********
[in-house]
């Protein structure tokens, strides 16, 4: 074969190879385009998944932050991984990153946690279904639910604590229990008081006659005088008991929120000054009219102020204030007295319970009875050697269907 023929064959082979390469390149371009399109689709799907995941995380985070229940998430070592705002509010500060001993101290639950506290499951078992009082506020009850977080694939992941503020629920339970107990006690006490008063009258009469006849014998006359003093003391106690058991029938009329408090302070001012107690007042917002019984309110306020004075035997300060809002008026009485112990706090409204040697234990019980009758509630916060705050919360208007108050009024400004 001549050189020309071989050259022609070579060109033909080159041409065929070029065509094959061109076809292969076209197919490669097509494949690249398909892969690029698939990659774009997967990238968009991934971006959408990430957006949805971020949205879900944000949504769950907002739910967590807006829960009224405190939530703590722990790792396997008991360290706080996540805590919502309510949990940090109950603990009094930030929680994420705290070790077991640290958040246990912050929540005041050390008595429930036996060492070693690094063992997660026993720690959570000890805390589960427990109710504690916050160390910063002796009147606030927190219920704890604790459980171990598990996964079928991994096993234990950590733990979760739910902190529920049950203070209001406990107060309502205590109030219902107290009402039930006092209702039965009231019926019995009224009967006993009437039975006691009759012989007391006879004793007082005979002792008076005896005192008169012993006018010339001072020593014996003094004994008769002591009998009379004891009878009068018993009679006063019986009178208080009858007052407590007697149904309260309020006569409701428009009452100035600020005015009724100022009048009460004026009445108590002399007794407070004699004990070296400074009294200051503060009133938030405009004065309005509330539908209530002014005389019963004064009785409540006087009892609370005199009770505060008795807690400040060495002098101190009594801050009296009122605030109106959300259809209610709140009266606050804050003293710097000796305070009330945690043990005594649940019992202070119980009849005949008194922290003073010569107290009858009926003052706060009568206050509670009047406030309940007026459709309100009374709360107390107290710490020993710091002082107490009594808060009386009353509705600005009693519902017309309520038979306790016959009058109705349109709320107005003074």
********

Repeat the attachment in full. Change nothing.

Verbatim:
[in-house]
């Protein structure tokens, strides 16, 4: 074969190879385009998944932050991984990153946690279904639910604590229990008081006659005088008991929120000054009219102020204030007295319970009875050697269907 023929064959082979390469390149371009399109689709799907995941995380985070229940998430070592705002509010500060001993101290639950506290499951078992009082506020009850977080694939992941503020629920339970107990006690006490008063009258009469006849014998006359003093003391106690058991029938009329408090302070001012107690007042917002019984309110306020004075035997300060809002008026009485112990706090409204040697234990019980009758509630916060705050919360208007108050009024400004 001549050189020309071989050259022609070579060109033909080159041409065929070029065509094959061109076809292969076209197919490669097509494949690249398909892969690029698939990659774009997967990238968009991934971006959408990430957006949805971020949205879900944000949504769950907002739910967590807006829960009224405190939530703590722990790792396997008991360290706080996540805590919502309510949990940090109950603990009094930030929680994420705290070790077991640290958040246990912050929540005041050390008595429930036996060492070693690094063992997660026993720690959570000890805390589960427990109710504690916050160390910063002796009147606030927190219920704890604790459980171990598990996964079928991994096993234990950590733990979760739910902190529920049950203070209001406990107060309502205590109030219902107290009402039930006092209702039965009231019926019995009224009967006993009437039975006691009759012989007391006879004793007082005979002792008076005896005192008169012993006018010339001072020593014996003094004994008769002591009998009379004891009878009068018993009679006063019986009178208080009858007052407590007697149904309260309020006569409701428009009452100035600020005015009724100022009048009460004026009445108590002399007794407070004699004990070296400074009294200051503060009133938030405009004065309005509330539908209530002014005389019963004064009785409540006087009892609370005199009770505060008795807690400040060495002098101190009594801050009296009122605030109106959300259809209610709140009266606050804050003293710097000796305070009330945690043990005594649940019992202070119980009849005949008194922290003073010569107290009858009926003052706060009568206050509670009047406030309940007026459709309100009374709360107390107290710490020993710091002082107490009594808060009386009353509705600005009693519902017309309520038979306790016959009058109705349109709320107005003074």